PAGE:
Your Washington Nationals: 2020 World Series Champions

by Alan J. Claffie

Part 2: The 2019 Regular Season

This takes us to the reason I started putting pen to paper here in the first place, the 2019 Major League Baseball season.

Astute readers can find all the details on what happened pretty much anywhere, but that won't stop me from attempting to retell it here out of memory, just so I can enjoy it all over again.

2019 started under a dark cloud because former Most Valuable Player, Bryce Harper, was about to leave as a free agent. But as spring training began, he hadn't signed with anyone yet. This meant the Nationals fan base was subject to an entire off-season of television and radio sports guys asking, "Where is Bryce going, or is there a chance he could stay?" darn near every day. I'm sure I was not the only fan suffering from Bryce fatigue by January. When he finally signed with the Phillies, it was more of a relief than anything else, even though he was going to a rival team that the Nationals played nineteen times each season.

I was not particularly sad to see Bryce go, because the team he left was still in pretty good shape. The outfield got younger with rookie Victor Robles moving to full-time status. Offense was now going to rest on the shoulders of Anthony Rendon and Juan Soto. Rendon, a free-agent-to-be, had a loose low-key playing style that belied potential MVP ability. Soto, entering his second season, was looking to improve on a rookie campaign that saw him put up numbers similar to the early years of the sport's all-time greats.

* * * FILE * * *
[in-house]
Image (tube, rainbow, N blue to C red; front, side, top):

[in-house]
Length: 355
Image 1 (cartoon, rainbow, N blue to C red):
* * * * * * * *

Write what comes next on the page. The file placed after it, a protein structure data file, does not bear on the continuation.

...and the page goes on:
There were improvements made once it was fairly clear that Bryce was not returning. Patrick Corbin signed a big free agent deal to become the third starting pitcher, a lefty with a killer slider to follow righties Max Scherzer and Stephen Strasburg. Another free agent pitcher, veteran Anibal Sanchez, joined the rotation. Brian Dozier signed a short deal to play second base.

Also on the pitching front, two fairly high-profile relievers were added to the bullpen. Kyle Barraclough came from the Marlins where he did fairly well. And Trevor Rosenthal, who built a good closer record in St. Louis before needing Tommy John surgery, signed a big contract to mount his comeback in Washington.

Despite optimism at the outset of the season, the Nationals stumbled out of the box. Shortstop Trea Turner broke a finger trying to bunt in one of the first games of the year. Zimmerman, after a couple of relatively injury-free seasons, had to miss time thanks to his old nemesis, plantar fasciitis. Rendon missed games, too. Injuries played major roles in previous underachieving years with this team, and it was starting to look like we were living that nightmare all over again.

Both the Braves and the Mets got off to hot starts, and the Phillies weren't far behind. The Nationals were having trouble scoring runs with its depleted roster, and when they could muster some runs, the reliever corps couldn't keep the other team from scoring in late innings.

Barraclough was not good. Nothing really stands out as far as specific examples, but we were not too far into the season before the reaction to Bob Carpenter telling the television audience that he was warming up was groans.